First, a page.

Soma – Smashing Pumpkins
|Safe to touch?|
As my sons could tell you, there are two kinds of nettles, growing along the side of our twitten. One is the well known stinging nettle, which has evolved a nasty eponymous ability. But the other, less well recognised, is the dead nettle, which has simply evolved to look like a stinging nettle, and so gain much of the benefit, without so much effort on its own part. (It’s called Batesian mimicry).
As so often, this is a bit like myeloma. No, really, it is. Hang with me for a minute…
I try to keep it together, up top. It’s one of my core personality traits, I like to believe. Indeed, my inability to keep it together in 2012, when the sky fell in; the experience of losing control, was like losing part of my identity, for a while. And, since I got my shit back together, I feel sometimes normal, despite myeloma, even if others sometimes find my ability to be caustic and flippant about it unsettling.
But don’t be fooled. I have not found coming to terms with myeloma easy. I do not find its lurking presence easy.
Sometimes it feels as though myeloma pollutes every facet of my life. And for that I hate it. So I was letting off steam, to one of the wonderful people the NHS provides for the explicit purpose of giving me an audience to whom to say the unsayable. Something he said put an interesting thought into my head, about the tendency to implicate myeloma in everything. Maybe some things are actually not about myeloma, except to the extent that these days everything is about myeloma.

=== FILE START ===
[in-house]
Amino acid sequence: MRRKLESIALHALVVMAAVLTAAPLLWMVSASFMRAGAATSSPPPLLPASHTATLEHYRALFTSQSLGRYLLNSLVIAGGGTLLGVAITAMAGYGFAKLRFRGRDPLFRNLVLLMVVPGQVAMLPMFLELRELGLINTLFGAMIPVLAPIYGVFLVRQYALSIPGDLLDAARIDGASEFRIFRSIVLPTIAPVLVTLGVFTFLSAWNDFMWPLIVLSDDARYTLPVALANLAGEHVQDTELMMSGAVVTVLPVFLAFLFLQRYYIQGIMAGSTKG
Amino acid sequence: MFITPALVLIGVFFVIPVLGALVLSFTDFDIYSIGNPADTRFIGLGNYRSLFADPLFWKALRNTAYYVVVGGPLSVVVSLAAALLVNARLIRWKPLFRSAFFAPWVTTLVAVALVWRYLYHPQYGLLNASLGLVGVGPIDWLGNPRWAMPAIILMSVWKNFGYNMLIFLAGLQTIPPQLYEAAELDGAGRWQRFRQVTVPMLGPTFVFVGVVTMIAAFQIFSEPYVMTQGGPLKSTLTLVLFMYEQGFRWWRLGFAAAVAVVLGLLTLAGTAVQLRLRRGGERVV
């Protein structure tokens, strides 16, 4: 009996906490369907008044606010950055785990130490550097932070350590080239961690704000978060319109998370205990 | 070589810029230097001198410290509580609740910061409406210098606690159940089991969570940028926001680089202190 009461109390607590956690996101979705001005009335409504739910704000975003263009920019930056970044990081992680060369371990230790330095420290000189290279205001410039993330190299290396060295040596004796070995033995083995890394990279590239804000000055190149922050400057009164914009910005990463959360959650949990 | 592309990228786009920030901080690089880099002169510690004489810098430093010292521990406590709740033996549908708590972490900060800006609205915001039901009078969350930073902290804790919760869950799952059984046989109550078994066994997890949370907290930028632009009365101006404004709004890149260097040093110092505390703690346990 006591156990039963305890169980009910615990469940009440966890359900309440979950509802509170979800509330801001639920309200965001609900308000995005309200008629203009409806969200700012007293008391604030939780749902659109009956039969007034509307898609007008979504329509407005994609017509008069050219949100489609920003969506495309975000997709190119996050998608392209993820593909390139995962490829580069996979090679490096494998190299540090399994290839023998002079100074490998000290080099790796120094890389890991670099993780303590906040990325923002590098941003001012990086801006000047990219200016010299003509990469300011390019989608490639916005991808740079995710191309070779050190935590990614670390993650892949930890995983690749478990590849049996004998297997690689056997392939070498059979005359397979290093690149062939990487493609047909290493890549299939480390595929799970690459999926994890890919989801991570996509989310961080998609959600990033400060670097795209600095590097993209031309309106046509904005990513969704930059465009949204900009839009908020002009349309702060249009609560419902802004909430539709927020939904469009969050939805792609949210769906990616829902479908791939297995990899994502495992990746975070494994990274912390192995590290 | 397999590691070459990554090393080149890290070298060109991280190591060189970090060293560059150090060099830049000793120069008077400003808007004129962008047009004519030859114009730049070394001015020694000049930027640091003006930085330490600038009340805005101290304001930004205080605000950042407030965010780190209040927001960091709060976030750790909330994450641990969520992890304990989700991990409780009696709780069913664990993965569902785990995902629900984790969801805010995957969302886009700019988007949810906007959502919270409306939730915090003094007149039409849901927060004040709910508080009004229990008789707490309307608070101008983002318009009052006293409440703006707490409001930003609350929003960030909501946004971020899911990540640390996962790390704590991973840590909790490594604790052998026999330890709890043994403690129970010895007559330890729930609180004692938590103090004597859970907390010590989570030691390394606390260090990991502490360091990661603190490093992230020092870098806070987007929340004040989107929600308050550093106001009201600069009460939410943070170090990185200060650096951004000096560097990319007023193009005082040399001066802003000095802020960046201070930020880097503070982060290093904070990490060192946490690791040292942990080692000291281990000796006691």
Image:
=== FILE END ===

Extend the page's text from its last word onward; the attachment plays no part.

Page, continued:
With myeloma, I’m walking through a field of nettles. Every pain or difficulty (mental, not just physical) appears myeloma-shaped. It is easy to blame everything on myeloma. But some of these woes are not actually myeloma. They are of different origin. They have only grown to look like myeloma. They are fakelomas.
Once you know the difference between a dead nettle and a stinger, you can crash through the former much more easily. So I’m going to hunt out some of my fakelomas, and try to expose them for what they are: mere ordinary trials of life, which I would have faced anyway. Maybe that way I can trample on them a little more courageously.
I won’t stamp on the real myeloma stuff though, if I can avoid it, for fear of getting stung.